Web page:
Saturday, July 31, 2010

Indian Food!

When we used to live in NYC, J and I had a favorite place on Houston Street for Indian food. It was called Punjabi, a little hole-in-the wall that catered mostly to cab drivers. It was dirt cheap and everything served was vegetarian.

Since moving to Pittsburgh, we've gone to quite a few Indian restaurants, some of them good, some of them just okay. But there was nothing that could compare to Punjabi. Until we tried Sree's. This is another little hole in the wall, and like Punjabi, the portions are big and shockingly cheap. It's $6 for the vegetarian/vegan special, which includes rice, four dal or curry dishes, and half a pita bread (also vegan). The portions are enough for both dinner and lunch, at least for me.

Here's a picture. I ate quite a bit before I remembered to snap the shot, so this isn't an accurate indication of how much food they actually give you. There was a chickpea curry, a tomato dal, and a black-eyed pea and spinach dish.
So good! If you're ever in the Pittsburgh area, you must try Sree's. 

Thursday, July 29, 2010


We had zuccanoes from The New Moosewood Cookbook tonight. Zucchinis stuffed with mushrooms, brown rice, onion, garlic, and minced almonds, and topped with daiya "cheese." It was relatively easy to make, and has a nice retro vibe going on.
I made a side dish of mushrooms, snap peas, and ginger sauteed in Trader Joe's black pepper sauce. I love the stuff! I strongly encourage everyone to go out and get a bottle.

Saturday, July 24, 2010

What We Eat on a Typical Weeknight

So, I haven't posted a lot lately because I've been doing quite a few "repeat" meals. When I like a particular entree, I tend to make it pretty frequently. But I did take pictures of what we have to eat on a typical night.

I've been brewing up the Nabeyaki Udon from The Kind Diet every other week or so. It's a great, fast meal, and really healthy as well. Also, this may sound strange, but preparing the udon is a very calming activity for me. There is something peaceful about watching the vegetables simmer in the shiitake mushroom broth. It's an equally peaceful meal to eat -- all subtle, earthy, warming flavors, even with the soy sauce mixed in. The Kind Diet features a lot of macrobiotic dishes, the nabeyaki udon being one, and from what little I've read, macrobiotic food is supposed to make you feel more balanced.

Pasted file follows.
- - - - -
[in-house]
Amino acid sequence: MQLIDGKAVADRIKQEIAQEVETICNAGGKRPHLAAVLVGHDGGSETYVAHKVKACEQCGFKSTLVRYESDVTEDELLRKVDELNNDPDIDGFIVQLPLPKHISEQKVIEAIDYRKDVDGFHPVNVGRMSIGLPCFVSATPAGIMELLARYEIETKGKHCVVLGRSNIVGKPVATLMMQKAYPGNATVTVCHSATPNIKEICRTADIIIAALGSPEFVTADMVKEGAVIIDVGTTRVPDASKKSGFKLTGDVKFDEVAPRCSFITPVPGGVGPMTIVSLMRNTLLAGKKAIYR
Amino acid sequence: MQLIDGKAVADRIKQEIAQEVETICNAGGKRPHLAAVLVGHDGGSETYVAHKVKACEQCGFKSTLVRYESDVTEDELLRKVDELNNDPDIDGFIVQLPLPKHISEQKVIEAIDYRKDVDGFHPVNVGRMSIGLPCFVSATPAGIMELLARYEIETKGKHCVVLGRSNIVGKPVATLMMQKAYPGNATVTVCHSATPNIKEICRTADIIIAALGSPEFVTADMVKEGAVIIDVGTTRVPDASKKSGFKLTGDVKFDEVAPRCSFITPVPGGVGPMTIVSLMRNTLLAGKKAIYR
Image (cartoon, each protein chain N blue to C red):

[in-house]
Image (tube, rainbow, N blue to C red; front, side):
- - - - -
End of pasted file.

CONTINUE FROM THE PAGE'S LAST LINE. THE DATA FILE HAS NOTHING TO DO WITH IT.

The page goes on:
I don't normally take pictures of what we eat with our entrees, which is normally a salad or some kind of vegetable dish side dish. On this particular night, I was feeling the need for some kale. I have a kale chip recipe from the June 2010 issue of Veg News that I make a lot.
I also filled a couple of soy sauce dishes with the great cabbage kimchi I made from Ani's Essential Raw Food Essentials. J told me that this is now his favorite pickle of all time. I love it too. So much that I went out and bought Korean red pepper seasoning (instead of the red pepper flakes used for pizza and pasta) for a more authentic taste the next time I make kimchi.

But that doesn't mean I have to stop making other pickles. There's a great recipe for Radish Umeboshi Pickles in The Kind Diet. I have no great love for radishes, but this pickle is pretty amazing. Here it is, pickling away in the umeboshi vinegar.
And sometimes, we have to have our cake and eat it too. Or in this instance, cupcakes. I haven't had a cupcake since becoming a vegan, which is kind of odd, because I have always been a certifiable cupcake fiend. I borrowed a copy of Isa and Terry's Vegan Cupcakes Take Over the World from the library and thought about making a batch, but it never happened. But yesterday, I decided: it was time to have a cupcake. I knew our local Dozen Bake Shop had a different vegan offering every day, so J and I stopped there on the way home. I was so excited to see that the flavor (written on a cute little blackboard) was red velvet! But there was a line drawn it -- they had run out!

J could tell by the look on my face that I was determined to have a cupcake. We drove to a cupcake shop in Shadyside called CoCo's that also sold vegan cupcakes, but it looked like the place had shut down. Instead of driving around to another place that might disappoint me, I dialed 411 and called the Lawrenceville branch of Dozen Bake Shop. They have five locations, because that's how good their pastries are! Anyway, I'd never been to the Lawrenceville store, but knew that it was the most-expanded of the stores, selling sandwiches and even offering brunch on the weekends.

Did they have any vegan cupcakes left? Yes, they did! The guy on the phone actually counted them out for me. They had 14 vegan cupcakes. 14!!! I bought two, one for me and one for J, for driving us around for an hour on a mad vegan cupcake hunt.

Here's the cute bag they were bundled in, featuring Dozen's logo.

And here it is, the prettiest cupcake ever.
Here's a closer view.

It was a great cupcake. I'd had the non-vegan cupcakes from Dozen before, and the vegan red velvet did not disappoint. I could have eaten the frosting alone with a spoon, it was that good.

Monday, July 19, 2010

Happy Birthday J!

We were in upstate New York this weekend, celebrating J's birthday with his relatives. Of course I made a special birthday spread -- Arroz Con Seitan from Viva Vegan!which is one of J's favorites dishes, and a Strawberry Bundt Cake from 500 Vegan Recipes